Put another one in the loss column.
UCLA’s Anderson School of Management lost 17.7% of its full-time MBA application volume this year, falling from a school-record 3,423 in 2017-2018 to 2,817 for this fall’s intake. As business schools in the United States reel from a protracted slump in applications to full-time programs, the Anderson School becomes the second-worst impacted in the top 15, after Dartmouth Tuck. Last year UCLA and Dartmouth were among the very few schools who had dodged the downturn.
Since the 2016-2017 cycle, when it reported 3,314 applications to its MBA program, UCLA Anderson has dropped 15% of its overall application volume. It’s unknown exactly how that has affected the school’s acceptance rate, which is not among the data provided in the release of the new Class of 2021 profile, but data from previous years as well as the experiences of peer schools allow us to estimate Anderson’s selectivity at 26%, up 5 percentage points since 2016.
BREAKING DOWN THE REST OF THE NUMBERS
The drop in MBA applications and a corresponding rise in the school’s acceptance rate is almost the only bad news for UCLA Anderson in its latest class profile. Anderson continues to be an elite school, of course, ranked No. 15 by Poets&Quants, No. 16 by U.S. News, No. 10 by The Financial Times, and, in its ranking released earlier this month, No. 16 among U.S. schools by Forbes. The numbers announced this month won’t change the school’s standing on most, if any, of these lists. Anderson matched its record-high average score on the Graduate Management Admission Test, 719, which was set last year, and it maintained its level of under-represented minorities at 29%, also matching a school record, also set last year. Looking at a four-year arc, Anderson is also up a couple of points in enrolled women, though at 34% it is still under the record of 38% set in 2017. The school hasn’t posted its average undergraduate grade-point average, preferring to report the middle 80%, which is 3.2-3.8 — but since its GPA has been 3.52 each of the last three years, it seems likely that will eventually be the official number.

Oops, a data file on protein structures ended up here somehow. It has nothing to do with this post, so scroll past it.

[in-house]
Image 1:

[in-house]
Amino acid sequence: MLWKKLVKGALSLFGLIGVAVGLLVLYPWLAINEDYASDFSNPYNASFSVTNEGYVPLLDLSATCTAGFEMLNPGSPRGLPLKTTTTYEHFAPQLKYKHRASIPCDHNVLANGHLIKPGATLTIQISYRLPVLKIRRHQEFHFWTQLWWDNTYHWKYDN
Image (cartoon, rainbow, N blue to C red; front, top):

UCLA’s MBA Class of 2021 comes from a wide sweep of backgrounds. Most (26%) majored in business as undergraduates, while 22% graduated with degrees in engineering, 17% in economics, 13% in humanities, 11% other, and 10% in math/science. In all, the 360 students enrolled in the Anderson MBA this fall hail from 157 undergrad institutions. Most (26%) worked in finance after graduating, though a similar proportion (25%) were employed in tech, and 20% worked in consulting. The rest of the class were employed in health care/biotech (10%), consumer goods (7%), public/nonprofit (5%), real estate (4%), or entertainment/media (3%). Average work experience is 5 years, with 12% of the class having worked for 0-3 years, 69% 3-6 years, and 19% more than 6 years.
But there were some soft spots in the new Anderson class profile — and they are related to the app slump. The new class is comprised of only 33% internationals, down from 38% four intakes ago, a 13.2% decline. Total number of countries represented in the new class is 37, down from 44 in 2016 and 2017, a nearly 16% drop.
TROUBLE IN THE MIDDLE AND LOWER TIERS
UCLA Anderson’s loss of 15% of application volume over the last two cycles puts it squarely in the middle of the pack. (See chart above.) A few higher-rankled schools — Yale SOM, Dartmouth Tuck, UC-Berkeley Haas, Northwestern Kellogg — have had steeper drop-offs, but most of the schools that have suffered the worst declines are lower in the rankings: Indiana University’s Kelley School of Business, for example, which has lost more than 40% of applications since 2016; and the University of Texas-Austin McCombs School of Business, which has lost about 25%.
But several of UCLA’s peer schools are struggling to attract interest in their MBA programs, too: UNC’s Kenan-Flagler Business School, ranked No. 19 by P&Q, has lost more than 38% of application volume in two cycles, while the University of Virginia’s Darden School of Business and Duke University’s Fuqua School of Business, ranked No. 12 and No, 14, respectively, have each lost one-fifth of total applications.
DON’T MISS APPS TO MAJOR U.S. PROGRAMS PLUNGE AGAIN
AS WELL AS OUR REPORTING ON THE APP DOWNTURN AT THE LEADING SCHOOLS:
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